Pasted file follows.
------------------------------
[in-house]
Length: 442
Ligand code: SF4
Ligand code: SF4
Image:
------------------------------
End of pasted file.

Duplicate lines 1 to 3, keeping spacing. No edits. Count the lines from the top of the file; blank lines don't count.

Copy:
[in-house]
Length: 442
Ligand code: SF4